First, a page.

NFPs Need Social Media More Than They Know
21 September 2017 at 8:33 am
If not for profits ignore social media the chances of their organisations thriving into 2018 and beyond are slim, writes Hancock Creative director Alecia Hancock along with her top tips for not for profits.
If you’re a not-for-profit organisation, you need social media. I don’t mean this half-heartedly. You don’t “need” social media in the way a Kardashian needs a handbag – it’s not an added extra, or an unnecessary luxury. No: if you’re a not-for-profit organisation, you need social media to survive.
Not only that, but you need to be doing social media well. It’s not enough to simply possess a Facebook page and a Twitter handle; you need to have a social-media presence. You need to be active, engaging and responsive across the relevant platforms. You need to be social-media savvy.
Sounds dramatic, right? Yes, but there’s a reason for that.
When you consider that eight out of 10 Australians are active on social media, you’ll understand why this corner of the market is simply too large to ignore. You need to own your social-media strategy, and use it to grow your organisation.
The stark truth is this: if you ignore social media – if you dismiss its worth and its reach – then the chances of your organisation surviving into 2018 and beyond are slim. You’ll severely limit your chances to recruit volunteers, raise essential donations and grow your brand. You might be doing great, great things, but no one will know about it. Worse, no one will care.
I don’t mean to alarm you, I truly believe it’s the key to your organisations’ success, and your ability to change the world. After all, teaching not for profits how to use social media is what we do at Hancock Creative.
Here is what we’ve have learned over our years of mentoring NFPs in social media:
- Choose quality over quantity.
That is, don’t try and spread yourselves too thin. Many not-for-profit organisations feel they have to use all the social-media channels to have an impact. They dabble in Facebook and Instagram and Twitter and LinkedIn and Snapchat, thinking that this is the key to social-media success. It’s not. In my experience, it’s best to identify two or three platforms that work for you and your organisation, and focus on them.
- Know your audience.
The interesting part about social media is that you may have many audiences. Most organisations have at least two or three significant groups that they’re speaking to – whether that be West Australian mothers aged 35 to 44 or Indonesian school teachers aged 25 to 34.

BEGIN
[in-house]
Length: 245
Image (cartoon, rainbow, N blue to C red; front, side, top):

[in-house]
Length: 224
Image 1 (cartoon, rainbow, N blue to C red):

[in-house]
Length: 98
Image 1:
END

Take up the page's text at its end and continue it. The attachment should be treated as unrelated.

Why is this information important? Well, that’s simple: you need to know who you’re speaking to. When you write a post, you have a message that you need to convey. How can you convey it effectively if you don’t know who you’re talking to?
- Create a two-way conversation.
One of the biggest criticisms levelled at big brands on social media is that they talk “at” people rather than “to” them. One-sided conversations are a massive no-no on social media, which makes sense, as they’re not particularly social.
Instead I encourage NFPs to create a community where people can converse and engage. Create the ultimate dinner party, where everyone is on a level footing, rather than a situation where the host stands at the end of the table preaching at his guests. Find common ground and chat to people.
- Be honest and authentic.
Find your organisation’s voice and tell your truthful story. Don’t underestimate the power of storytelling. When NFPs and social enterprises successfully tell their stories, they engage with their audience. In doing so, they’re able to recruit more volunteers, bring in more donations and spread their positive message. When you tell your story, people listen, care and respond. It’s these personal stories that interest and engage with us, and it’s these personal stories that can change the world. It’s these personal stories that account for the worldwide success of Humans of New York – small, meaningful glimpses into other people’s lives, which can have a huge impact on our own.
- Analyse and report.
It sounds dull, but honestly, this is great fun. Use your analytical tools to tap down into your audience – find out who’s on your different social-media platforms, and when. Find out what they engage with, and what they don’t. It’ll really help you tell your story, I promise.
- Finally, plan, plan and plan some more.
There’s a good reason for this: content planning is the best way to make sure you focus on the big issues. It also helps you create a clear map for every month, week and day. In addition to this, writing down your social-media strategy and content plan means that everyone in your organisation has access to it, and can step into the breach if necessary.
If you’re keen to learn more Hancock Creative is hosting a free Change the World event in Perth on 24 October.
The event, designed to help organisations fundraise, build awareness and attract volunteers through social media, will see Australia’s best entrepreneurial storytellers including Nick Bowditch and Richard Bell take the stage.
Come along and learn how to tell your story, too, from the best storytellers in the business. It’s the easiest way to change the world.
About the author: Alecia Hancock is an entrepreneur, educator, and director of Hancock Creative. She has published hundreds of articles, created award-winning social media campaigns, and is a sought after speaker and not for profit trainer. Alecia was chosen as one of WA’s most influential people in business by NIFNEX, and her business was named Telstra Micro Business of the Year WA 2017, and won a national web award for Social Media Campaign of the Year in 2016.